The Dalai Lama says, “We can never obtain peace in the outer world until we make peace with ourselves.” And that I believe, is the secret to Bhutan’s happy faces. They’ve made their peace and are content with their lives, content with their country and content with their king and queen. They have made happiness their priority and kept politics out of it. Which is not to say that the people in Bhutan don’t have any problems. But most try to deal with their issues using a much-believed in Buddhist philosophy. A philosophy that says that wherever you are in this life is because of your previous life. This belief leads to contentment. And that results in the best kind of people.
People in Bhutan are eager to welcome
Credit: Christopher Michel
Our taxi driver from Phuentsholing to Paro tried to dazzle us with everything from Honey Singh songs (we broke his heart when we said that we were more interested in listening to the local music), stories from his college days in Lucknow (a city that he was very much in love with), recommendations of the best food in Paro and his gratitude towards India and all that it provides to their country.
Women lead the charge, almost everywhere
Credit: Sankara Subramanian
I’m not saying that this is in any way better than a patriarchal set up, but the sight does make you feel infinitely safer in a foreign country. Women run resto-bars solo with their children securely tied across their backs, they take you on cross-country drives alone and also manage the night charge at hotels single-handedly. Frankly, it’s heart-warming and a sight for sore eyes.
They lead simple, carefree lives
Credit: Christopher Michel
We were pretty aware of this fact right from the time we stepped foot into Bhutan. But what convinced us was when a car almost ran us over at the main square in Bumthang. The car was just rolling downwards on the slope, without any driver in sight. When we and a couple of other bystanders physically stopped the car and looked inside, we were amused to find a guy napping all curled up on the driver’s seat. He woke up for a second, gave us and apologetic look and went right back to sleep!
They take their gho and kira seriously
Credit: Wear About
The people in Bhutan are fit, impeccable looking people. They are required to wear their traditional attire – gho for men and kira for women – during the day in public. But they don’t wear it with the kind of grumpy look that most of us develop when we were made to wear uniforms. They wear it with pride, and they carry it off with style.
They are not shy about their penises
Credit: Nagarjun Kandukuru
There are two things that you’ll see everywhere you travel in Bhutan. One is big, succulent red chillies drying on rooftops. And the second is big and small, urm, penis installations in the form of wooden phallic pieces outside residences, penis paintings on random walls and even tiny penis keychains! The phallus is apparently considered to be a great way of driving away evil spirits.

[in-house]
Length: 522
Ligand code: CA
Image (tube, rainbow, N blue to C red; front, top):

Their love for the king and queen is undying
Credit: Himani Khatreja
Whose picture do you have on your desk? Your spouse, your children or maybe even your pet. But I’m definitely sure it’s not Narendra Modi. Well it might have been if you lived in Bhutan. Or at least his power equals, Queen Jetsun Pema and King Jigme Khesar Namgyel Wangchuck, who are just about everywhere from the tiny frames on car dashboards to large posters in local shops. And why wouldn’t they be when the couple has always tried to ensure that the gap between the normal people and royalty isn’t much.
They may be offering you the last drop of water left in the world, but they still won’t rip you off
After an 11-hour bus ride from Paro to the remote Bumthang, we were in no mood to hunt around for a budget accommodation. We decided to stay at the hotel-lodge closest to the bus stop. It was beautiful with wooden interiors, an old-style fireplace, traditional upholstery and clean, inviting beds. We were sure the owner would quote inflated rates seeing that it was late and also as the offbeat-Bumthang has few staying options, but he charged us Rs 1500 per day. 1500 bucks, for 4 star facilities. That's how generous people in Bhutan are!
50% of the country is protected as a national park
Credit: Güldem Üstün
They say that the one thing that never fails you is nature. The closer you are to it, the cleaner is your spirit. The people of Bhutan wholeheartedly believe this and have actively decided against letting deforestation destroy their extensive green cover.
They don’t need traffic lights to tell them how to behave on the roads
Credit: Khaled Monsoor
Thimphu being the capital city, has the most traffic in Bhutan. And yet they have no lights to tell them when to stop and start. Just an odd traffic cop or two guiding cars. Which is why I was very surprised when a car stopped to let me cross to road. And no, there was no crazy honking from the driver. Just a sweet smile.
Bhutan is just so beautiful, and they can’t be any less beautiful
Credit: Jean-Marie Hullot
I can go on and on about why the Bhutanese are such great people, but I think most of the credit goes to the country’s stunning landscape. It is quite difficult to be cynical and sour when you live in a place that is a vacation paradise.
I’m the girl who always has a scowl on her face. And I’ve always been like that. But for a while there, when I was in Bhutan in October 2014, I felt that I really could be a happy, shiny person. That’s the power this beautiful country can have over you.
So, take my advice and don’t wait. People in Bhutan and experiences with them are bound to floor you. And once you’re back (if you do come back, that is) tell me if I was right on Tripoto.
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